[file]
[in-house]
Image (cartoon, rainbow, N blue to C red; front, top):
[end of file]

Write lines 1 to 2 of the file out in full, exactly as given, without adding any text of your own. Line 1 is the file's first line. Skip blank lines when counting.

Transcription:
[in-house]
Image (cartoon, rainbow, N blue to C red; front, top):